Subrogation is a concept that's well-known in legal and insurance circles but rarely by the customers who employ them. Even if it sounds complicated, it would be in your benefit to understand an overview of the process. The more knowledgeable you are, the more likely an insurance lawsuit will work out in your favor.
Every insurance policy you have is a promise that, if something bad happens to you, the insurer of the policy will make good in one way or another in a timely fashion. If your vehicle is rear-ended, insurance adjusters (and the courts, when necessary) decide who was at fault and that person's insurance pays out.
But since ascertaining who is financially accountable for services or repairs is often a time-consuming affair – and delay often compounds the damage to the victim – insurance firms in many cases opt to pay up front and assign blame after the fact. They then need a mechanism to recoup the costs if, when there is time to look at all the facts, they weren't responsible for the expense.
Let's Look at an Example
You head to the emergency room with a deeply cut finger. You hand the nurse your health insurance card and he takes down your coverage information. You get taken care of and your insurer gets an invoice for the services. But on the following afternoon, when you get to your workplace – where the accident happened – you are given workers compensation paperwork to fill out. Your employer's workers comp policy is actually responsible for the expenses, not your health insurance. It has a vested interest in getting that money back in some way.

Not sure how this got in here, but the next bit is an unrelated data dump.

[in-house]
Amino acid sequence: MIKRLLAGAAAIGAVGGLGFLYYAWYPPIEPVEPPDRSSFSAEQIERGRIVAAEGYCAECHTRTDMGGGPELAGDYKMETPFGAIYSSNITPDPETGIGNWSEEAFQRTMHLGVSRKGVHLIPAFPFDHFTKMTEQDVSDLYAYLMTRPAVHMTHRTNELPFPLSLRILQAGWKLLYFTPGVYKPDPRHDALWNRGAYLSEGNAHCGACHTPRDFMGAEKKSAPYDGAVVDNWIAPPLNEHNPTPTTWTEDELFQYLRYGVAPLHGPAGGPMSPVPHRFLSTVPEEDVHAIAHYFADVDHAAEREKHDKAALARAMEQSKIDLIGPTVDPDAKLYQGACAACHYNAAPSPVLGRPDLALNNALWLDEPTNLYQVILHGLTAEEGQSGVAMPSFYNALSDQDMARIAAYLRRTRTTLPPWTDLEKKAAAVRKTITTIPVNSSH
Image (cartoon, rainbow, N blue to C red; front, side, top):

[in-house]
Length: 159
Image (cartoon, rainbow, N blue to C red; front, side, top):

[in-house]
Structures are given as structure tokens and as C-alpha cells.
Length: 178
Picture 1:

How Does Subrogation Work?
This is where subrogation comes in. It is the method that an insurance company uses to claim reimbursement after it has paid for something that should have been paid by some other entity. Some insurance firms have in-house property damage lawyers and personal injury attorneys, or a department dedicated to subrogation; others contract with a law firm. Usually, only you can sue for damages to your self or property. But under subrogation law, your insurer is considered to have some of your rights for making good on the damages. It can go after the money originally due to you, because it has covered the amount already.
Why Do I Need to Know This?
For starters, if you have a deductible, your insurer wasn't the only one that had to pay. In a $10,000 accident with a $1,000 deductible, you have a stake in the outcome as well – namely, $1,000. If your insurance company is lax about bringing subrogation cases to court, it might opt to recoup its losses by ballooning your premiums and call it a day. On the other hand, if it knows which cases it is owed and goes after them enthusiastically, it is doing you a favor as well as itself. If all $10,000 is recovered, you will get your full thousand-dollar deductible back. If it recovers half (for instance, in a case where you are found one-half responsible), you'll typically get $500 back, based on the laws in most states.
Furthermore, if the total loss of an accident is over your maximum coverage amount, you could be in for a stiff bill. If your insurance company or its property damage lawyers, such as criminal defense attorney Spanish Fork UT, successfully press a subrogation case, it will recover your expenses as well as its own.
All insurance companies are not the same. When shopping around, it's worth measuring the reputations of competing firms to evaluate whether they pursue valid subrogation claims; if they resolve those claims quickly; if they keep their accountholders apprised as the case proceeds; and if they then process successfully won reimbursements immediately so that you can get your deductible back and move on with your life. If, on the other hand, an insurance company has a reputation of paying out claims that aren't its responsibility and then protecting its profitability by raising your premiums, you should keep looking.